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A Friday Hodgepodge

1. "Why Can't Professional Philosophers Get Rand Right?," by Mike Mazza (New Ideal):
What's going on here? To many twentieth-century philosophers, the gold standard for assessing philosophical merit was a concise deduction with informally defended premises. Especially in ethics, these informal defenses attempt to get the reader to accept that a premise is "intuitive" (or the implication of a deeper, intuitively true assumption). So, it's understandable that philosophers educated in this tradition would attempt to interpret someone outside of it as making gold-standard arguments; it's what they're comfortable with and trained to look for. Notice that Rachels and Rachels's first premise states a fact and then attempts to draw from it a common-sense or intuitively plausible implication: the individual is "of supreme importance." But Rand does not argue like this at any point in her case for egoism.
Mazza indicates that parochialism, of which the above is only a type, is a problem even for those few non-Objectivist academics who have been sympathetic to Rand, and is right to call out professional philosophers, of all people, for falling into it.

2. "Selfish Randsday to All," by Harry Binswanger (Value for Value):
Randsday [the anniversary of Ayn Rand's birthday --ed] is for reminding ourselves that pleasure is an actual need, a psychological requirement for a human consciousness. For man, motivation, energy, enthusiasm are not givens. Psychological depression is not only possible but rampant in our duty-preaching, self-denigrating culture. The alternative is not short-range, superficial "fun," but real, self-rewarding pleasure. On Randsday, if you do something that you ordinarily would think of as "fun," you do it on a different premise and with a deeper meaning: that you need pleasure, you are entitled to it, and that the purpose and justification of your existence is: getting what you want -- what you really want, with full consciousness and dedication.
I especially recommend visiting this post for the excerpt from Rand's The Fountainhead, which powerfully demolishes the trite, but deadly and wrong sentiment that it's easy to be selfish.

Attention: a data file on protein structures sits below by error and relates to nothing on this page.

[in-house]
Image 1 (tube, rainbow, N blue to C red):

3. "Portraying CEOs as Cartoon Villains," by Jaana Woiceshyn (How to Be Profitable and Moral):
Image by J.J., via Wikimedia Commons, license.
When we see the news headlines about online sexual exploitation of children, experience daily the stubbornly high food prices, and witness job cuts, it is easy to take the governments' accusations at face value. No wonder the public distrust of corporations is high. But are the accusations based on evidence? Are corporate CEOs real villains, or are politicians just portraying them as cartoon villains, like the cold-hearted Scrooge McDuck or the conniving Mr. Burns in The Simpsons who stop at nothing to maximize profits?

I argue the latter. Politicians are scapegoating corporate CEOs for the problems that ultimately the governments created.
This dishonest practice has always been a hallmark of the left, but the right has moved from failing to even pretend to stand up for business to joining in.

Indeed, such phrases as corporate media -- once a shibboleth of the left -- now get bandied about as if we're all communists now.

4. "Has the Right Been Eviscerated by Trump?," by Peter Schwartz (PeterSchwartz.com, 2019):
[Trump's] core constituency supports him unquestioningly. He calls them "my followers," and they attend his rallies, vote for the candidates he endorses and give him the adulation he desperately seeks. They have helped him co-opt the right. The better Republicans have been driven out and the worst ones entrenched. The few, isolated defenders of a free market have nowhere to turn for political support. There is no significant faction fighting against Trump's war on trade. Today, the right -- the intellectual leaders and the mass followers -- consists predominantly of nativists, who want to "make America great" by expanding the power of the state and regressing to the tribalism of centuries past.
This post is even more relevant now than when I read it in 2019.

And if the above isn't disturbing enough, news from the latest CPAC will more than underscore Schwartz's point.

-- CAV

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